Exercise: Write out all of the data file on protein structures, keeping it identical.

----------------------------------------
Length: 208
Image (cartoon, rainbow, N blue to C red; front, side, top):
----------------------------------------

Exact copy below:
Length: 208
Image (cartoon, rainbow, N blue to C red; front, side, top):